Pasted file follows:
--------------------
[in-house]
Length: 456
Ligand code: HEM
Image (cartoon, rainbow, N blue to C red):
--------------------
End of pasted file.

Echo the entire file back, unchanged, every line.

[in-house]
Length: 456
Ligand code: HEM
Image (cartoon, rainbow, N blue to C red):